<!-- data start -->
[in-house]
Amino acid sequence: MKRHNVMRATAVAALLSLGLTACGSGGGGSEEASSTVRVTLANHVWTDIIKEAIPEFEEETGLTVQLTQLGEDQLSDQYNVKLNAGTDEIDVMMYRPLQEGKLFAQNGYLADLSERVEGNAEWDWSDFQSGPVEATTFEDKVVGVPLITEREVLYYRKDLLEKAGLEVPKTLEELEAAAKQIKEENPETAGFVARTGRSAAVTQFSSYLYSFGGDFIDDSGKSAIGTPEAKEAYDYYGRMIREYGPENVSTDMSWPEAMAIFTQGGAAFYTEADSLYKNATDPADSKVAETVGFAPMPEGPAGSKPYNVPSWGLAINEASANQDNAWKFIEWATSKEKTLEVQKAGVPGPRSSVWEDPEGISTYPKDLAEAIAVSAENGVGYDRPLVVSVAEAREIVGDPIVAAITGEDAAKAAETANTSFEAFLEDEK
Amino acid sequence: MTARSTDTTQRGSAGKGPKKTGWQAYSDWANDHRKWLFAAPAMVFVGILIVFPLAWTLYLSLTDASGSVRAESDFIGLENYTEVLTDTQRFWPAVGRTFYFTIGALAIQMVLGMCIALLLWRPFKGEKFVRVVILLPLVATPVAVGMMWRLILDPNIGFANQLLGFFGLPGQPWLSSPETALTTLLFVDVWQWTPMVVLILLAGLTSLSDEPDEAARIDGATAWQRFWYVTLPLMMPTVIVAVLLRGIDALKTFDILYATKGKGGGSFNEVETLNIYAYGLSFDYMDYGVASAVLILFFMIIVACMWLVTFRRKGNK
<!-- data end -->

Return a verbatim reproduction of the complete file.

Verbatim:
[in-house]
Amino acid sequence: MKRHNVMRATAVAALLSLGLTACGSGGGGSEEASSTVRVTLANHVWTDIIKEAIPEFEEETGLTVQLTQLGEDQLSDQYNVKLNAGTDEIDVMMYRPLQEGKLFAQNGYLADLSERVEGNAEWDWSDFQSGPVEATTFEDKVVGVPLITEREVLYYRKDLLEKAGLEVPKTLEELEAAAKQIKEENPETAGFVARTGRSAAVTQFSSYLYSFGGDFIDDSGKSAIGTPEAKEAYDYYGRMIREYGPENVSTDMSWPEAMAIFTQGGAAFYTEADSLYKNATDPADSKVAETVGFAPMPEGPAGSKPYNVPSWGLAINEASANQDNAWKFIEWATSKEKTLEVQKAGVPGPRSSVWEDPEGISTYPKDLAEAIAVSAENGVGYDRPLVVSVAEAREIVGDPIVAAITGEDAAKAAETANTSFEAFLEDEK
Amino acid sequence: MTARSTDTTQRGSAGKGPKKTGWQAYSDWANDHRKWLFAAPAMVFVGILIVFPLAWTLYLSLTDASGSVRAESDFIGLENYTEVLTDTQRFWPAVGRTFYFTIGALAIQMVLGMCIALLLWRPFKGEKFVRVVILLPLVATPVAVGMMWRLILDPNIGFANQLLGFFGLPGQPWLSSPETALTTLLFVDVWQWTPMVVLILLAGLTSLSDEPDEAARIDGATAWQRFWYVTLPLMMPTVIVAVLLRGIDALKTFDILYATKGKGGGSFNEVETLNIYAYGLSFDYMDYGVASAVLILFFMIIVACMWLVTFRRKGNK